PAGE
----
God’s plan of salvation is described as light breaking into the darkness. As Jesus begins his ministry, Matthew, citing Isaiah 9:1-2, describes Jesus’ work: “the people dwelling in darkness have seen a great light, and for those dwelling in the region and shadow of death, on them a light has dawned” (Matthew 4:16, ESV). Furthermore, the gospel of John describes Jesus in this way:
In the beginning was the Word, and the Word was with God, and the Word was God. He was in the beginning with God. All things were made through him, and without him was not any thing made that was made. In him was life, and the life was the light of men. The light shines in the darkness, and the darkness has not overcome it. (John 1:1-5, ESV)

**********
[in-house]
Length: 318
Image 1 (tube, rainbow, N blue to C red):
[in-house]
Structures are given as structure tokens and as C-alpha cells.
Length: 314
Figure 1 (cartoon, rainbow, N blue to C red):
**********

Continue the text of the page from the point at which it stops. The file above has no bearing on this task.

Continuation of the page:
Like the Psalmist, John describes Jesus as God’s Word who brings light and life to the darkness. Jesus is God’s Word that comes to us, to those who are dwelling in darkness. In fact, this is exactly what Jesus declares his mission to be in John 12:46: “I have come into the world as light, so that whoever believes in me may not remain in darkness.” This Light and Darkness imagery pervades the gospel of John. People love darkness because they don’t want their actions, thoughts, motives to be exposed by the light. But the truth is that deep down we need (and want) to be seen. We want to be loved despite our dirtiest deeds and foulest feelings. We need to restore the relationship that Adam and Eve once had with God–complete openness, and deep love–but we can’t do it on our own. Only God can (and did through Jesus) bring that relationship back.